And Gutenberg Lived Here: Falalalala And All That Jazz

Every year I write a song for my choirs for Christmas.



joy of Christmas,

lights, gala, gold tinsel, wassail,


because of The Birth.

And the tone?

and this is a real joy for me-

experimental traditional.

Every year I try to push the envelope.

Do something new.

Learn something myself.

A couple of years ago, it was the scale song-

simple scale melody-

up, down, and across-

a sort of happy polka-ing through the halls

you hear in something like “We need a little Christmas.”

The words-

Merrily merrily merrily merrily, deck the halls and trim the tree,

merrily, merrily, merrily, merrily, light the hearth and sing with glee,

for Christ the King is born today, angel choirs and shepherds say-

yes, I know.

Terribly creative,


And the choir wore white and gold,

not the usual black,

and I put my long hair up in braids,

Gretchen style-

and wound through with glitzy ribbons from our present exchange-

and we all had fun.

Except one of the bah humbugs at our family service,

who wanted a Hallmark Christmas,

like in the dark days after the war,

and insisted, along with the council,

on a black mark in my record if I ever do anything so tasteless again.


Right out of Dickens.

So this year,

being one of the toughest we have ever waded through in my family,

I decided to chuck the music stress for a couple of weeks,

and took off to sing in London-

home of  Christmas joy-

we had to explain to friends here in Gutenberg land as:

just like carnival, without all the drinking-


I said it, I mean it-

or do you know of another place on earth that sponsors a charity bike race,

where thousands of participants dress themselves in wrapping paper

and moose antlers,

and ride through the city chanting ho ho ho?

Unless it was, of course San Francisco,

where we bumped into a group of carolers at the airport

and rode the escalators for an hour, while waiting for a connection,

singing improvised Christmas carols.

(this was one very good bunch of singers-

although why I, as a dramatic mezzo,

got the top far too high and far too ornamented part is beyond me-)

So anyway,

back at the manger-

this was the Christmas of good friends and much joy,

which is what it actually should be about.

We visited a Christmas market with my Aussie girlfriend and her husband,

and I even ate my first burger in a REALLY long time,

in a fantastic burger place near the festival hall.

Then we tried out mince pies,

toffee in traditional form,

sticky, intense, wonderful,

tea in a crypt under St Martin in the Fields-

be still my heart,

went to see the English chamber choir sing,

got thoroughly whomped by wet fake snow,

had to dance with Prince Charming-

(why, if they put you in the house seats,

do the front house expect you, as a gesture of thanks-

yes, ok, they were very very good to us,and of course i am thankful,

and grateful,

but I’m just not a fan of close Sambas with a man in tights and feathers on his head

as the entire audience watches and roars-)

So anyway, this was my introduction to the veddy veddy traditional world of the Christmas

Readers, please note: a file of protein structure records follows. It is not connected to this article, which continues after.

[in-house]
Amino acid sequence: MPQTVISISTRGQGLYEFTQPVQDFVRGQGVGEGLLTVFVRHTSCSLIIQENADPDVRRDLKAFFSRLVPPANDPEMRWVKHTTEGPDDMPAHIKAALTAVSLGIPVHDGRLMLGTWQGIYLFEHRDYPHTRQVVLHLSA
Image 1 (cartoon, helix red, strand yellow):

with audience participation-

“yes you will” from the villain

“No he won’t” from us in the audience.

Repeat till all the kids are screaming and so wound up feeding them ice cream seems like

taking your life in your hands.

Silly, but marvelous fun.

A place where 2-99 year olds turn into

well, about six year olds.

And this panto was particularly joyful,

since it was potted.

As in,

The six-

or twelve,

if you count Harry Potter,

and Scrooge

like I said-

crazy but fun-

traditional Christmas pantos

complete with naughty winks,

asides to the adults

men dressed as women,

young men dressed as silly looking young men,

and a Tinkerbell that did a strange boogaloo

that was somehow more Friday the thirteenth

than Peter Pan-


Wrong panto.

So there we were-

Seated in house seats,

meaning full participation expected,

singing the twelve days of Christmas,

for which none of us had a clue how many geese were dancing

and ladies were ringing gold things-

actually, the five gold rings are also birds-

a ring of pheasants,

but somehow it still always reminds me of Beyonce and putting a ring on it.

In a real real real Enlish panto,

with people pretending to upchuck over me,

and water coming down,

and a London fog from an out of control ice machine,

and me thinking it couldn’t get any better,

when they did a recap,

at the start of act two,

and recapping the action

using real caps.

ie good evening ladies and gentlemen-

full bow in strange goose hat,

the queen’s speech-

(I wonder how they got one of those strange saucepot things she wears,)

you get the picture.

And then….

wait for it,

yes you will, no you won’t yes you will,

they recapped the entire action in ten seconds.

And since I was there,

not here,

where I am now-


not there,

did I mention I did a lot of singing,

and Christmas conducting the last couple of weeks?

So now, back in Gutenberg Land,

filled with the remainders of Christmas good cheer,

also turkey, yams and Aunt Elizabeth’s divinity fudge-

my aunt Elizabeth,

the recipe for which supposedly goes back to the puritans,

and contained eel butter

before she took it out-

probably because she got tired of the family sending the box back to her-

often a year later-

so anyway,

in the spirit of too much of everything Christmassy,

but still no way of expressing all the things we are thankful for this year,

I wrote,

instead of the traditional Christmas song,

hey, I’m not wonder woman-

I’ll get it done between the years-

(Christmas here is until the sixth of January

So anyway,

what I wrote was:

a ten-second recap

of the Christmas story.

It goes like this:

God-gift-born-angels-mankind-wisemen-camels-too much divinity fudge-

copyright 2016

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